Step 3: Add the Credentials for the Principal to the Cluster

Assuming the principal was successfully added to the Kerberos KDC, it can be added to the cluster as follows:
  1. Log in to the Cloudera Manager Admin Console.
  2. Select Administration > Security.
  3. Click the Kerberos Credentials tab.
  4. Click the Import Kerberos Account Manager Credentials button:
  5. Enter the credentials for the principal added to the Kerberos KDC in the previous step:
    • For Username, enter the primary and realm portions of the Kerberos principal. Enter the realm name in all upper-case only (YOUR-REALM.EXAMPLE.COM) as shown below.
    • Enter the Password for the principal.

  6. Click Import.

Cloudera Manager encrypts the username and password into a keytab and uses it to create new principals in the KDC as needed.

Click Close when complete.

Step 4: Identify Default Kerberos Realm for the Cluster

Each host in the cluster must have the default realm property (default_realm) specified in the libdefaults section of its Kerberos configuration file (/etc/krb5.conf).
[libdefaults]
default_realm = FQDN.EXAMPLE.COM

After adding the default realm to the configuration file for all hosts in the cluster, configure the same default realm for Cloudera Manager Server.

In the Cloudera Manager Admin Console:

  1. Select Administration > Settings.
  2. Select Kerberos for the Category filter.
  3. In the Kerberos Security Realm field, enter the default realm name set in the Kerberos configuration file (/etc/krb5.conf) of each host in the cluster. For example:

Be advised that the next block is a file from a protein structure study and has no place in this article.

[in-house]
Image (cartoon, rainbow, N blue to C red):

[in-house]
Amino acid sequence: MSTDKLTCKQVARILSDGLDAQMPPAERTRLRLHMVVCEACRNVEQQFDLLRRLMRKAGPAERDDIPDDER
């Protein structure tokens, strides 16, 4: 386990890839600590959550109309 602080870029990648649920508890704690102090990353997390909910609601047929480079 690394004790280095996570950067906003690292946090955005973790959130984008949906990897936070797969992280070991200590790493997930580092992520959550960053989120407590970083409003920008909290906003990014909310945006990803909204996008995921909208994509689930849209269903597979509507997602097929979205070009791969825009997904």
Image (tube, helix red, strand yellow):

4. Click Save Changes.

Step 5: Stop all Services

All service daemons in the cluster must be stopped so that they can be restarted at the same time and start as authenticated services in the cluster. Service daemons running without authenticating to Kerberos first will not be able to communicate with other daemons in the cluster that have authenticated to Kerberos, so they must be shut down and restarted at the end of the configuration process, as a unit.

Stop all running services and the Cloudera Management Service as follows:

In the Cloudera Manager Admin Console:

  1. Select Clusters > Cluster-n.
  2. Click the Actions drop-down menu and select Stop to stop all services on the cluster.
  3. Click Stop on the warning message to stop all services on the cluster. The Command Details window displays the progress as each service shuts down. When the message All services successfully stopped displays, close the Command Details window.
  4. Select > Clusters > Cloudera Management Service.